Friday, May 31, 2019

Pure Virgin

(Above:  Pure Virgin.  Framed:  19 1/2" x 16". Collage using gold-leaf embellished covers from the 1898 periodicals called Paris: Known and Unknown edited by William Walton and published by G. Barrie and Son and letters clipped from other antique and vintage ephemera.  Click on image to enlarge.)

More than a little bit of serendipity went into this piece commissioned by a patron I met at last year's Philadelphia Museum of Art Craft Show.  First, I just happened to find almost a complete run of Paris: Known and Unknown (1898) while at the Osage Arts Community, an art residency in Missouri.  I used much of my time there to sort through boxes of "stuff" saved for "something."  My patron wanted "something" that illustrated the word "Virgin" ... preferably non-religious, perhaps Pagan, and definitely not about the “loss of virginity".  During this time, Notre Dame accidentally caught fire and the 19th spire fell into the nave.  I was profoundly worried about one of my all-time favorite sculptures, the Virgin of Paris, that stands on a high pillar near the transept's northwestern column ... a place right under the spire.  (She survived, thank goodness!)

Although the central figure on the covers of Paris Known and Unknown is not a rendition of the Virgin of Paris, it seemed serendipitous especially after learning that “Fluctuat ne Mergitur” (appearing in the tree inspired foliage on the publication’s covers) is the Paris city motto. It means “[She] is tossed [by the waves], but does not sink” (or apparently turn to rubble during a fire).  All this reminded me of another city's female deity ... Athena, patroness of Athens, Greece.

From ancient Greek mythology, Athena is still heralded as the “Virgin Goddess”. Born fully grown from her father Zeus’ head, Athena (often given the epithet “Pallas”) was revered as the goddess of wisdom, handicraft, and warfare. Homeric Hymn 39 (although some sources give it the number XXVIII), opens with the following, translated lines: “I begin to sing of Pallas Athena, the glorious goddess, bright-eyed, inventive, unbending of heart, pure virgin, savior of cities, courageous.”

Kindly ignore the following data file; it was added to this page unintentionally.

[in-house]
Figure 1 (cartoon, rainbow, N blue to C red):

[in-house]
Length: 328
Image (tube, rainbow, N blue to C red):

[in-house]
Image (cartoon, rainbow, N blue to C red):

The publication’s central figure seems an embodiment of a city’s strong, female character, a glorious deity, a pure virgin in the face of catastrophe and a survivor through millenniums ... just like Athena. Two covers were used for the artwork. One was carefully cut to eliminate the title and other words. This was collaged onto the back of another cover because obviously the paper was the same. This provided ample area for the Homeric hymn’s opening lines to be collaged from my stash of clipped letters.

Most serendipitous, however, is the fact that the artwork was on the way to my client when I received notification that I've been accepted back into the Philadelphia Museum of Art Craft Show this coming November 7 - 10th!  I can't believe it ... as this is now FOUR YEARS IN A ROW! 

(Above:  Piccolo Spoleto juror Arianne King Cromer and me with my Large Stained Glass Series work which was awarded "Best Fiber" in the juried show currently at City Gallery at Waterfront Park in Charleston, SC.)

More serendipity:  One of the images used in my application for the Philadelphia Museum of Art Craft Show is currently on display at the juried exhibition in City Gallery at Waterfront Park in Charleston where it won "Best Fiber".

Sunday, May 26, 2019


 (Above:  A Night on the Runway, Framed: 43" x 32". Altered, digital image from the Library of Congress of an early 20th century circus poster framed with recycled bottle caps.)

Generally, I don't get sucked into hours of browsing on social media or other on-line resources, but I can't seem to help myself when visiting the Library of Congress' website. It's fabulous!  It was the only place I went when needing a copyright free image for an upcoming opportunity with ecoFAB Trash Couture.  The opportunity calls for a "perfect trifecta" ... a garment made from recycled materials along with both a 2D and a 3D artwork. While at the Osage Arts Community in Missouri, I made the foundation of The Red Carpet Dress with a matching boa as well as a 3D biomorphic fiber abstraction called Red.   All I needed to complete my trifecta was a related 2D work.

 (Above:  A Night on the Runway hanging at Mouse House.)

My trifecta vision is to suggest a red carpet entryway to a high-class movie opening. The 2D artwork would have to set the stage.  After hours of looking, I settled on this circus poster. My PhotoShop skills are rudimentary at best but sufficient.  I had the resulting jpeg printed at FedEx Office and framed the faux movie poster with a collection of recycled beer caps.  To the best of my knowledge, there are no duplicate caps except for four New Castle Brown Ale (yellow with a center star) on the corners.  When one saves stuff ... one saves stuff!  My collection of bottle caps is deep!

(Above:  Waste Not Fresh Tears II. Framed: 25" x 21". Xylene photo transfer of a cemetery angel sculpture with oil pastels and hand stitched buttons.)

As deep as my bottle cap collection is, it can't hold a candle to my stash of buttons! I adore using old buttons and am happy to report that Waste Not Fresh Tears II is headed to a regional exhibition called FUSION at the Virginia Beach Art Center. It's a regional juried show featuring works of different media. 

(Above:  Always a Bridesmaid but Never a BrideThe Wall of Ancestors. Framed: 24" x 20". Collage of letters clipped from vintage and antique ephemera on hand-colored, anonymous photo.)